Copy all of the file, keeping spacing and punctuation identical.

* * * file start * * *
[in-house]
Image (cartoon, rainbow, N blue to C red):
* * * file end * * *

[in-house]
Image (cartoon, rainbow, N blue to C red):